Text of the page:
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Venezuela Rescue Project

Oct 14, 2021 | Survey

The Challenge

Eighty percent of the Jewish population of Venezuela has left the country since Hugo Chaves became president in 1999. Nicolas Maduro Moros has been president since 2013, with his presidency under dispute since 2019. The country is engulfed in turmoil affecting not just Jews, but the entire population. The Human Rights Watch and the United Nations Human Rights Council have documented the ongoing humanitarian emergency.

Maduro, who was raised as a Roman Catholic, revealed in a 2013 interview that his grandparents were Sephardic Jews who converted to Catholicism. Nevertheless, in the current political and economic climate, all infrastructure, including the Jewish, is at risk of deterioration and destruction.

According to Ignacio Sternberg, president of the Jewish Genealogical Society (JGS) of Venezuela (in the Avotaynu Guide to Jewish Genealogy),

The first Jewish group came to Venezuela from Curacao in the Dutch West Indies and settled in Coro, a city in northwest Venezuela, just 35 miles from Curacao. The Jewish community of Coro, in the state of Falcon, began with the immigration of Sephardic Jews from Curacao in the 1820s after Venezuela abolished the Inquisition from its territory. A major economic depression in Curacao at that time, stimulated many Jews came to settle in Coro.

Some of the first settlers were Isaac Abenatar, Salomon Brandao, Alvarez Correa, Elias Curiel, Isaac Curiel, Jose Curiel, H. Fonseca, David C. Henriquez, M.C. Henriquez, Isaac de Lima, Elias Lopez, Josua Lopez, David Maduro and David Valencia. Family names among the first settlers are Abensur, Capriles, Chumaceiro, De Castro, De Jongh, Delvalle, De Sola, Jesurun, Lobo, Mendes, Pardo, Salas and Senior. Many of their descendants studied in Europe, became professionals of various kinds and returned to Venezuela, where they practiced their professions. Others were poets and writers, and some held government positions.”

Today, 200 years of Venezuelan Jewish history is in danger of being lost. Documentation of Jewish Records Worldwide (DoJR) is intent on identifying what records of the lives of Venezuelan Jews have survived so that priorities may be set to preserve or safeguard them before it is too late. JGS Venezuela, mostly operating off-shore from Miami, Florida, is partnering with DoJR to conduct this rescue survey project.

The Approach

Led by DoJR volunteer Abe Lederman, the project’s first step is to understand the network of Jewish leaders in the Venezuelan community and Venezuealan Jewish organizations, both those currently still operating as well as those no longer in existence. The next step is to compile a list of all organizations that potentially hold Jewish records along with their primary contact information. For defunct organizations, DoJR researches the chain of custody of their records, making sure to include organizations of all Jewish communities. The primary Jewish organizations include Asociación Israelita de Venezuela (AIV) (Sephardi), Unión Israelita de Caracas (UIC) (Ashkenazi), and Confederación de Asociaciones Israelias de Venezuela (CAIV), an umbrella organization whose membership includes all the major Jewish organizations in Venezuela.  The Moral Y Luces Herzl-Bialik School and the Hebraica Sports and Cultural Club serve all Jewish communities. To date, DoJR has identified more than 30 organizations in Venezuela, including  educational institutions, synagogues, museums and cemeteries.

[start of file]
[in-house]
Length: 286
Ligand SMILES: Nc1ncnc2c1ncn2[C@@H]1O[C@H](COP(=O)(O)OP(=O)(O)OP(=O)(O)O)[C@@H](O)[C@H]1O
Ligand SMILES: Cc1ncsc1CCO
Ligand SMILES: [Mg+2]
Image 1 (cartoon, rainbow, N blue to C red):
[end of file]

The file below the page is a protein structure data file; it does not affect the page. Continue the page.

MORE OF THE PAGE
To compile the list of organizations and individuals who potentially hold relevant records, DoJR will

  • Research online and in printed publications
  • Consult with off-shore organizations that hold Venezuelan Jewish records such as the Central Archives for the History of the Jewish People (CAHJP) in Jerusalem and the American Jewish Archives in Cincinnati
  • Build a list of leaders in the Venezuelan Jewish community, such as Tamara Kassab (producer of a series of weekly interviews “Stories to Tell” where Venezuelans like Chief Rabbi Emeritus Pynchas Brener tell the stories (in Spanish and subtitled in English) of how their families came to Venezuela), whom we can interview for additional information.

We have learned that the CAHJP holds record collections obtained when it last surveyed Venezuela in 1975. Most records collected were contemporary; nothing prior to 1909 in their collections. DoJR anticipates that much more remains to catalog. One by one, DoJR will survey each organization and create an inventory of all relevant record collections that they hold. The inventory will include descriptions of each collection sufficient to determine prioritization of subsequent digitization and preservation efforts. The inventory will be added to the DoJR’s project’s catalog, JCat. JCat is the world’s most comprehensive catalog of historical documents of Jewish lives. It will serve as a permanent and freely searchable home for the information collected through this survey project.

How You Can Help

Volunteers can help in many ways to ensure that Venezuelan Jewish history is not lost. If you know of  record collections or people or organizations that have record collections that document Jewish lives in Venezuela, share the information with DoJR; if you are Spanish-speaking and can help with translations, or if you have research or data entry skills and time to volunteer, tell DoJR, or make a financial gift to the project.